Book review of Indirect Work by Carol Sanford

I first encountered this book during my regenerative leadership residential training and admit taking it to bed and rushing through it in a night. At the heart of the book is a story – of Phil Jackson’s approach to the Chicago Bulls in the 1980s and his belief that basketball is fundamentally a collaborative activity with a purpose beyond winning.

However, when I returned to the book recently I read it slowly, savouring every one of Carol’s remarkable insights and I confess that it made my brain hurt. Perhaps this is not a surprise, given that Carol states early on that this is a book about ways of thinking. So be warned and give this slender book plenty of time and room for all its observations to sink in and become part of your ‘being’.

“It takes deep and diligent work to see the hidden machineries …that generate consensus reality. Helping others to see these machineries is even harder because they believe the puppet show. It’s not enough to tell them they are caught in a shadow play. To free them from the cave, one must build the capability and consciousness that will enable them to examine the hidden sources of their perceptions of reality. One must grow a culture and community of fellow seekers, each aiming to break the mechanical patterns of their thought”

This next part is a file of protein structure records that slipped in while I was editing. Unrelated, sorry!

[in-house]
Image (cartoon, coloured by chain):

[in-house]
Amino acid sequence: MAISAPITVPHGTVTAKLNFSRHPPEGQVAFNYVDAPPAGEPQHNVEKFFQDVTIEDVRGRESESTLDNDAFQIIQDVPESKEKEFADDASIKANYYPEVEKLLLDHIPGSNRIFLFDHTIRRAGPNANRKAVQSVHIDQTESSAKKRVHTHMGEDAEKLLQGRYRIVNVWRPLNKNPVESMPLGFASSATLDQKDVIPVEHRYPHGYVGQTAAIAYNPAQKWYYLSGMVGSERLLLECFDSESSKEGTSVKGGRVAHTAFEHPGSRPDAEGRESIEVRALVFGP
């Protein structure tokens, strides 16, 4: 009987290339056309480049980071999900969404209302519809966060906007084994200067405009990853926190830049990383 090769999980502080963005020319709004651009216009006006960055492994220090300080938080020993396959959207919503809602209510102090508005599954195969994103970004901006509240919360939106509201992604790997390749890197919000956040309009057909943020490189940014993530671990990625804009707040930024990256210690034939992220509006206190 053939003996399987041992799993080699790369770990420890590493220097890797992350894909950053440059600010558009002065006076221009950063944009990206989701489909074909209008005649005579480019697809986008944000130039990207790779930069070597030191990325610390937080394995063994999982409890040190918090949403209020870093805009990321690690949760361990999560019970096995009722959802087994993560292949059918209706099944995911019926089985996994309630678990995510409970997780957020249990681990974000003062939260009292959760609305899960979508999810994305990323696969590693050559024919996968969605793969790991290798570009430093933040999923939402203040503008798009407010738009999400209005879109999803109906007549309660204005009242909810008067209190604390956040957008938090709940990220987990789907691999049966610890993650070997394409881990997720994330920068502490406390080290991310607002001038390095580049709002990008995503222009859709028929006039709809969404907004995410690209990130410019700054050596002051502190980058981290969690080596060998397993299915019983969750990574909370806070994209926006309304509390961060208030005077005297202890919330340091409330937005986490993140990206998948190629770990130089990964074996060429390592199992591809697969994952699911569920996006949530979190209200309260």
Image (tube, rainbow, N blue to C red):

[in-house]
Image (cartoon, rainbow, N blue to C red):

At its core, the book advocates for a whole-system approach to work, emphasizing the importance of cultivating one’s inner capabilities and aligning personal values with professional endeavours.

The value for aspiring regenerative leaders is the explanations of how to build capacity in team-members to ‘consistently think at higher levels’, stepping back from the limelight and feeding the soil so that team-members thrive and grow.

One of the book’s strengths lies in Sanford’s ability to blend philosophical insights with practical strategies. She illustrates how individuals and organizations can harness the power of indirect work to foster innovation, creativity, and sustainable success.

The book challenges conventional leadership paradigms by emphasizing the importance of interconnectedness, collaboration, and fostering a culture of continuous learning and improvement.

I am left with the feeling that this endeavour is not easy (as I know it isn’t from my own work from aspiring regenerative practitioners) but that the effort to ‘create a new map’ as Sanford (and Einstein) advocate, is empowering, enriching, exciting and rewarding. 

In summary, it’s a must-read for anyone seeking a deeper understanding of personal growth, purposeful work, purpose-led leadership and the paradigm shifts we need to create a world that aligns itself with creating life.

Sarah Spencer Supporting visionary leaders grow regenerative enterprises, inspired by living-systems success.

Check out our Regenerative Organisation Fundamentals Programme enrolling now: https://www.thinklikeatree.co.uk/product/regenerative-organisation-fundamentals/https://lnkd.in/eiRkUhwk


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